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  • Konrad Werner: Soft principles, funny faces


Konrad Werner: Soft principles, funny faces

Angela Merkel has been named the world's most powerful woman again. She's also the one who does the funniest faces in photos. Coincidence? Yes.

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Photo courtesy of the World Economic Forum

Here’s something that people don’t talk about enough: the obvious connection between the dull, anaemic, flapping, loose-sock-foreskin type of politician and looking funny in photos. The crazy charismatic leaders who are haunted by vice are somehow never quite as photogenic, but then how could they be?

I have two examples, which will have to do. What were you expecting, a rounded and well-supported argument? As a coach-driver once memorably announced over the PA system on a London-Manchester National Express I was on, “If you have any complaints, I’ll give you 10p and you can go and phone someone who gives a shit.”

My two examples are very different. The first is British Deputy Prime Minister Nick Clegg, whose pasty, expressionless visage has now taken on its own comic power. Even if it remains immutable from one picture to the next – indeed, actually because it never changes – his face has become a perfect reflection of his crushed soul. You can see the corpse of everything he once believed in just behind his face.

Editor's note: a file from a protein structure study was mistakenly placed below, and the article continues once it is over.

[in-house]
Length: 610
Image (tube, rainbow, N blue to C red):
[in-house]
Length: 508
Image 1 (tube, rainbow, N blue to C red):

Then we have our own Angela Merkel, whose principles are made of Play-Doh, and not the kind that goes hard when you put it in the fridge, more like the kind that turns into a clear sticky liquid when exposed to a draught, if that kind exists, and who has once again owned the Forbes chart of the world’s most powerful women.

She almost never has a picture taken that isn’t amusing and endearing. Her face seems to change with each passing national mood, or Bild front page, whichever is the easiest to read. But it always seems to carry a unique sense of pathos. Here are some of my favourites: